Just my thoughts,

Joe Futral

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I'll see if I can unpack what Mr. Maritain is saying.

1. First art has to be something that is made. The end of art is to make a physical object.

2. And the intrinsic needs of the object determine how it is to be made.

3. But art is primarily an intellectual activity. So the artist must first think of something then create it in physical matter. Sounds very incarnational.

4. In this way the artist becomes an imitator of God

5. The primary need of the object being made is to be beautiful. When it succeeds it participates in the life of God because God is the source of all beauty.

6. So the artist must first see beyond the materiality of the world, see the essence of things the "whatness" of things, the form and internalize them in his intellect. Once the form has become alive in him he can bring it forth in matter himself by creating works of art that are beautiful thus fulfilling the requirements of the thing being made. It is a beautiful object, a work of art that is the offspring of the artist, a combination of matter and spirit.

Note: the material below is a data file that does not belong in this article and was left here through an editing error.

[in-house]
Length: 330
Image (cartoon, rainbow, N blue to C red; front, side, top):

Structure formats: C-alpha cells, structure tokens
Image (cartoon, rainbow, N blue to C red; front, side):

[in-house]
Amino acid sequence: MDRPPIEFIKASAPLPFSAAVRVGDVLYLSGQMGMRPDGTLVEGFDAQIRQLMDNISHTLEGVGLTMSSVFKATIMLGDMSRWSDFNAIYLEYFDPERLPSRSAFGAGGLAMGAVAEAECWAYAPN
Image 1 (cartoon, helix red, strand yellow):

This reminds me so much of the wrangles of the early church fathers trying to understand the nature of Jesus. Was he human; was he God?

As artist we have to hold in tension the intellectual activity of being an artist with the necessity of creating physical objects. As in heresy, the fault lies in trying to make things less complex by denying one of the two requirements; to make it just about the object of just about the intellect. I think that is why there is no easy, soundbite definition of art.

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Heard this spot on NPR this morning and made me think of some of our conversation in this thread . . . on Charles Sheeler's painting.

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I'm afraid we're going to have to agree to disagree here.

This topic (the defining of "Art") is not one that will likely ever be resolved

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(many good thoughts snipped)